Antibiotic functionalised polymers reduce bacterial biofilm and bioburden in a simulated infection of the cornea

Natalya Doroshenko, Stephen Rimmer, Richard Hoskins, Prashant Garg, Thomas Swift, Hannah L. M. Spencer, Rianne M. Lord, Maria Katsikogianni, David Pownall, Sheila MacNeil, C. W. Ian Douglas, Joanna Shepherd

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Abstract

Microbial keratitis can arise from penetrating injuries to the cornea. Corneal trauma promotes bacterial attachment and biofilm growth, which decrease the effectiveness of antimicrobials against microbial keratitis. Improved therapeutic efficacy can be achieved by reducing microbial burden prior to antimicrobial therapy. This paper assesses a highly-branched poly(N-isopropyl acrylamide) with vancomycin end groups (HB-PNIPAM-van), for reducing bacterial attachment and biofilm formation. The polymer lacked antimicrobial activity against Staphylococcus aureus, but significantly inhibited biofilm formation (p = 0.0008) on plastic. Furthermore, pre-incubation of S. aureus cells with HB-PNIPAM-van reduced cell attachment by 50% and application of HB-PNIPAM-van to infected ex vivo rabbit corneas caused a 1-log reduction in bacterial recovery, compared to controls (p = 0.002). In conclusion, HB-PNIPAM-van may be a useful adjunct to antimicrobial therapy in the treatment of corneal infections.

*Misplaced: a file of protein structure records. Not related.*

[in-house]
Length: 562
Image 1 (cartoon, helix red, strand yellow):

Original languageEnglish
Pages (from-to)2101-2109
Number of pages9
JournalBiomaterials Science
Volume6
DOIs
Publication statusPublished - 4 Jun 2018

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